As someone who is only tangentially in the real world, a journalist, I am unshackled to a cubicle and granted the freedom to work from multiple locations that change on a daily basis. They are governed by the job: sporting events, places for in-person interviews, etc. And they are governed by choice: my home, libraries, coffee shops, and the side of a dark, country road inhabited by people who wear straw hats when I get lost trying to find locations governed by the job.
I especially like coffee shops. I love the music by artists I never hear anywhere else nor remember to download in my free time. I love the random conversations you strike up based on a book someone is reading (hello,The Picture of Dorian Gray in (500) Days of Summer?) or a shirt they are wearing. A few weeks ago, I was wearing my Royals shirt, and someone called me out on it. He was Mitch Maier’s brother-in-law!*
*For normal people unaware of Mitch Maier’s relevance, let alone existence, here is why a sentence involving his name deserves to be punctuated with an exclamation point…
Coffee shop etiquette ideally calls for one unwritten rule. You buy something and you can stay in there as long as you want, soaking up the excellent free WiFi. Some coffee shops print their WiFi password on their receipts to ensure you buy something. That is fine with me. The concept is clear. You have to buy something and you get something in return.
Starbucks, though, is the lone exception. I have a strange affinity for Starbucks. I like going there, they have great customer service, and their drinks freaking rule, especially peppermint mochas and pumpkin spiced lattes*. But Starbucks is not the cuddly coffee shop run by the college graduates who were sick of their normal jobs and stays in business because of love and people’s unconscious need to hear this wonderful song by The Knife. It is an international corporation with a location across the street from the Louvre (I’ve been there!) and probably inside the Taj Mahal.
*To which I respond with this
How powerful is Starbucks? It just made a $73,000 and killed an orangutan while you read that last sentence. They say if you don’t like the neighborhood in which you live, wait thirty minutes, and a Starbucks will request eminent domain and obliterate four houses just so it can fit a really large machine that can spout Americano coffees at record speed into a new store that will inevitably open, and then you can really hate your neighborhood.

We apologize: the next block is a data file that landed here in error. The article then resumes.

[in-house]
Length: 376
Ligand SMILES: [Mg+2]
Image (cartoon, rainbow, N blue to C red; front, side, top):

So with Starbucks there are no rules. Until last summer, it didn’t even offer free WiFi. Homegrown coffee shops could spring for it, but not a chain whose CEO drinks his lattes from a cup made of molten gold. So July of 2010 was a time to celebrate. We got free WiFi from Starbucks. But really, we got free WiFi from Starbucks with fine print.
As someone who has spent eight-plus hours straight in a coffee shop, I find this decision unfair and ridiculous. It’s not like WiFi must be conserved. It’s not water. There won’t be wars over WiFi in the year 2050. And if a Starbucks kicks someone out to make room, it will just be making room for another person who plans to camp out for several hours.
Bloggers, writers, startup employees, and lawyers and business types who just feel like wearing a Hawaiian shirt and having a “Me-Day,” we must stand up for ourselves. I have a solution, one I’ve been practicing for a while.
DON’T BUY ANYTHING AT STARBUCKS.
Go in there, sit down, plug in your computer and absorb the free WiFI. Because Starbucks stores are roughly the size of frigates, you can probably blend in. Just be sure you don’t make any eye contact with an employee. If one of them looks in your direction, quickly place two black eye-patches over your eyes. Hell, bring along a mug with you and just don’t get it filled. Then it will look like you are not incredibly cheap, like you are drinking their coffee and keeping one less paper cup out of the landfills.
It’s simple, folks. I even did one better last weekend. Covering a sporting event in Austin, I had to stop at a random location to write and file my story. I chose a sandwich restaurant right next to a Starbucks. Through the walls, the free Starbucks WiFi filtered toward my computer, and I used it without even having to set foot in the coffee shop.